Cash Bail’s Lonely Defender

Pretty much everyone who spends any time examining the American system of secured cash bail comes away with the same conclusion: It’s unjust, expensive and ineffective, even counterproductive. People charged with crimes — all of whom are presumed innocent — get locked up for days, weeks or months not because they pose a risk of fleeing or endangering the public but simply because they’re too poor to buy their freedom. The harm that even short-term detention can cause is profound. Jobs are … [Read more...]

Why Keep Old and Sick Behind Bars?

Anyone who visits a prison these days might be shocked to see what looks more like a nursing home with bars and metal detectors. Prisoners put away years ago under the wave of draconian sentencing are now turning gray and frail, suffering from heart disease and hypertension and feeling the effects of Alzheimer’s and other age-related illnesses. Corrections officials once thought they had time to prepare for this, but something unexpected happened. Federal data shows that prison inmates age … [Read more...]

When Police Unions Impede Justice

Across the country, municipal governments have signed contracts with police unions including provisions that shield officers from punishment for brutal behavior as well as from legitimate complaints by the citizens they are supposed to serve. That may soon change, as public outrage over police killings of civilians is ratcheting up pressure on elected officials to radically revise police contracts that make it almost impossible to bring officers to justice. The most striking case in point … [Read more...]

Did Blacks Really Endorse the 1994 Crime Bill?

As political candidates and pundits grapple with the legacy of the 1994 crime bill and the era of mass incarceration that has seen millions of African-Americans locked in the nation’s prisons, one defense keeps popping up: that black citizens asked for it. When confronted about her husband’s pivotal support for the bill, Hillary Clinton argued, even as she admitted the legislation’s shortcomings, that the bill was a response to “great demand, not just from America writ large, but from the black … [Read more...]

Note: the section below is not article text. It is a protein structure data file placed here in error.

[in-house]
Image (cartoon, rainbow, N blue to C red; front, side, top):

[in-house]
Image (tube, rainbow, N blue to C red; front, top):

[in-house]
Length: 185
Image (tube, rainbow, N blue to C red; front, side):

A Fair Chance After a Conviction

The Obama administration has worked diligently over the last five years to ease the marginalization of more than 70 million Americans with criminal records that can shut them out of jobs, housing, higher education or the consumer credit system — sometimes for minor offenses in the distant past or arrests that never led to conviction. By addressing this problem, Mr. Obama is pushing the country to re-evaluate longstanding policies that trap people with criminal records at the very edges of … [Read more...]

The Death Penalty Endgame

How does the death penalty in America end? For decades that has been an abstract question. Now there may be an answer in the case of Shonda Walter, a 36-year-old black woman on Pennsylvania’s death row. On Friday, the Supreme Court met to discuss whether to hear a petition from Ms. Walter, who is asking the justices to rule that in all cases, including hers, the death penalty violates the Eighth Amendment’s ban on cruel and unusual punishments. Ever since 1976, when the court allowed … [Read more...]

Cut Sentences for Low-Level Drug Crimes

Now that Congress is within sight of passing the most significant federal sentencing reforms in a generation, it’s worth taking a closer look at where the legislation falls short. The main driver of the federal prison population is, by far, the dramatic increase in the time people spend behind bars — specifically, those convicted of drug offenses, who account for nearly half of the nation’s 199,000 federal inmates. From 1988 to 2012, the average time served for drug crimes more than doubled in … [Read more...]

California’s Prison Experiment

What happens when you release thousands of prison inmates before the end of their sentences? It’s a question at the heart of the effort to address America’s overincarceration crisis. There are the inevitable warnings that crime will go up, but they are rarely borne out by the facts. California’s most recent prison and jail reform offers perhaps the best test case yet. Until recently, California locked up more people per capita than any other state. It has been under federal court order … [Read more...]

Schoolkids in Handcuffs

The video that went viral last month showing a white sheriff’s deputy in a Columbia, S.C., classroom throwing and dragging an African-American student across the floor may well be indicative of a deeper problem with the security program in that school district. In May, an office within the Justice Department that monitors federally funded programs opened an investigation to determine whether the school security program run by the Richland County, S.C., Sheriff’s Department was complying with … [Read more...]

Political Lies About Police Brutality

Video recordings of police officers battering or even murdering unarmed black citizens have validated longstanding complaints by African-Americans and changed the way the country views the issue of police brutality. Police officers who might once have felt free to arrest or assault black citizens for no cause and explain it away later have been put on notice that the truth could be revealed by a cellphone video posted on the Internet. This kind of public scrutiny is all to the good, given the … [Read more...]